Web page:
Preeclampsia May Be Fatal If Left Untreated
Protecting mothers and children throughout Washington, D.C.
The failure to diagnose preeclampsia in a pregnant or postpartum woman can have devastating effects. At Paulson & Nace, PLLC, we help new families whose lives have been forever changed by this act of medical negligence. For the last four decades, our skilled team of medical malpractice attorneys has offered comprehensive counsel to clients throughout Washington, D.C. whose lives have been irrevocably changed after a doctor failed to monitor, diagnose or treat a mother for preeclampsia.
What is preeclampsia, and what does it cause?
Preeclampsia is a condition affecting pregnant and post-partum women. It usually begins around 20 weeks into the pregnancy, but some women may not develop the condition until a few weeks after they have given birth. It is typically associated with high blood pressure, and many mothers also experience:
- Fluid retention and weight gain
- Nausea and/or upper abdominal pain
- Urine with high levels of protein, known as proteinuria
- Dizziness and headaches
- Mental disorientation
Some mothers, however, experience no symptoms at all. That is why it is crucial that doctors monitor expectant and postpartum mothers carefully, using the right tests and procedures, to ensure that any changes to their vital signs or general health are noted quickly. A woman with preeclampsia could experience a sharp spike in her blood pressure; if so, she should immediately tell her doctor, even if she experiences no other symptoms of the condition.
Women carrying multiple fetuses, those who are overweight or those who have a family medical history of preeclampsia are more likely to develop the condition. It is also associated with women who are older than 40 when they get pregnant, and with women who have no other children by birth.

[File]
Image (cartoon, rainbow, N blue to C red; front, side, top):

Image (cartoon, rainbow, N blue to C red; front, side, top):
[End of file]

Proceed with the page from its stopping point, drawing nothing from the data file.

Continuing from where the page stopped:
When preeclampsia goes undiagnosed
Though there is no “cure” for preeclampsia (outside of giving birth), a proper diagnosis can help a doctor prepare for and perhaps even avoid more serious complications later. Some of those complications include:
- HELLP syndrome. HELLP stands for “hemolysis, elevated liver enzymes and low platelet count,” as the Mayo clinic explains it. A mother with HELLP syndrome may not survive, as the syndrome is indicative of damage to multiple organs. If left undiagnosed in an expecting mother, the child may also die as a result.
- Eclampsia. A serious seizure disorder that can develop during the pregnancy or after it, eclampsia often requires the doctor to deliver the baby, even if the mother has not reached a safe place in her pregnancy to do so. The seizures could lead to brain damage, and some children experience skull fractures or developmental delays. It can be fatal to the baby and the mother.
- Placental abruption. A placental abruption occurs when the “placenta peels away from the inner wall of the uterus before delivery.” It can cause internal bleeding in the mother, and cut off oxygen and nutrients to the fetus. The oxygen deprivation alone can cause low birth weights, brain damage and premature births.
- Heart disease. Preeclampsia can lead to an increased risk of a mother developing cardiovascular and heart disease later on in life.
At Paulson & Nace, we understand just how serious the effects of undiagnosed preeclampsia might be. We help protect your rights and your future when an act of medical malpractice puts your life, or the life of your child, in jeopardy. We treat you with the respect and dignity you deserve, and offer practical advice and empathetic support during this difficult time.
By your side when a doctor fails to diagnose your preeclampsia
Paulson & Nace, PLLC, is a premier medical malpractice law firm serving victims throughout Washington, D.C., and West Virginia. If your doctor failed to diagnose preeclampsia, thus endangering your life or your baby’s, we want to hear your story. Please call 202-930-0292 or fill out our contact form to schedule a no-obligation consultation with a dedicated birth injury attorney from our firm.